So, as I implied in my previous post, I've started working the sugiot of Maakeh and Lo Tasim Damim. Interestingly enough, these two mitzvot are learned out from the same pasuk(דברים כב:ח)
כִּי תִבְנֶה בַּיִת חָדָשׁ וְעָשִׂיתָ מַעֲקֶה לְגַגֶּךָ וְלֹא תָשִׂים דָּמִים בְּבֵיתֶךָ כִּי יִפֹּל הַנֹּפֵל מִמֶּנּוּ.
The Sifrei brings the drasha:
" 'ועשית מעקה לגגך' - מצות עשה. 'לא תשים דמים בביתך' - מצות לא תעשה".
So, taking the psukim at face value, we have:
- one positive commandment to build a guardrail around one's roof
- one prohibition to permit hazards in one's home
The Implied Connection
The fact that these mitzvot share a pasuk seems to indicate a connection and the language of the Sifrei also seems to imply that these mitzvot apply together. Also, when reading many of the sources in chazal, it is not entirely clear if a source is talking about one, the other, or both mitzvot. So a key question for understanding this sugia is: What is the connection between these two mizvot, and when one applies, does the other automatically apply.
In fact, when looking at the Rishonim and Achronim, we can find both a variety of approaches. Two extremes among them are the Ramban, who implies that the two are always applied together, and the Netziv who distinguishes sharply between them.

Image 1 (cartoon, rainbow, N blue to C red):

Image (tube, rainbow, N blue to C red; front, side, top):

The Ramban(קידושין לד.) believes that Maakeh is the dominant one of the two mitzvot. Lo Tasim Damim is only there to strengthen the severity of Maakeh. As such, Lo Tasim Damim only applies where Maakeh also applies.
ול"נ שעיקר מצותו עשה, שאין לאו שבו אלא לקיים העשה, דכתב רחמנא ועשית מעקה תחילה והדר לא תשים דמים בביתך כלומר לא תעכב מלעשות מצוה זו, ולאו שאין בו מעשה אחר אלא קיום עשה שבו הוא
The Netziv(סיפרי עמק הנציב על הפסוק) draws a clear distinction between the two mizvot. Maakeh is the specific mitzva of building a guardrail around dangerous drops in and around your house. Lo Tasim Damim is a more general mitzva of removing dangers.
I've already brought the Netziv in full, but here are some relevant passages to understanding his shita. Red lines pertain to Maakeh, while blue pertain to Lo Tasim Damim.
And finally, it's worth checking out Reuven Taragin's shiur on Lo Tasim Damim, which turned me on to these two mekorot.